• Vitamin C: 1.4 mg - 2% RDA
  • Iron: 2.4 mg - 13% RDA
  • Calcium: 42 mg- 4% RDA
  • Magnesium: 11.1 mg - 3% RDA
  • Potassium: 93.7 - 3% RDA
  • Copper: 0.1 mg - 3% RDA
  • Manganese: 0.1 mg - 7% RDA
  • Phosphorus: 28.6 mg -3% RDA

 

anis-benefits

Does Anise Have Health Benefits?

Yes, it has. This plant was used in herbal medicine to treat a variety of conditions, from an upset stomach to insomnia. Anise seed proved to be a therapeutic plant. Here are some of its health benefits that were backed up by science:

  • Helps With Depression. One study showed that taking anise powder can reduce the symptoms of postpartum depression. Moreover, a different study concluded that anise oil could be a treatment option for those who have mild or moderate depression. Drinking anise tea isn't enough to help with depression symptoms, but it seems the plant has potential
  • Reduces Menopause Symptoms. When women reach menopause, their body doesn't produce as much estrogen as before. This drop of estrogen levels might lead to unpleasant symptoms such as hot flashes, insomnia, mood swings, depression, anxiety, fatigue, joint aches, and muscle pain. Anise has the potential to trigger estrogenic effectsData on anise supplementation show promising results for women experiencing hot flashes. Women who took aniseed capsules seldom experienced hot flashes; the intensity of the episodes reduced as well.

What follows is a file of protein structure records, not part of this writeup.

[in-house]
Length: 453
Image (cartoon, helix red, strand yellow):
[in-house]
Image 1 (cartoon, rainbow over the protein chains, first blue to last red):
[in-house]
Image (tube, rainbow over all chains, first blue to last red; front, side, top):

• Anise Has Anti-Inflammatory Properties. Anise contains anethole, which proved to have health benefits. The plant compound was used in an experiment on a rat with periodontitis. The results confirmed its ability to suppress pro-inflammatory molecules.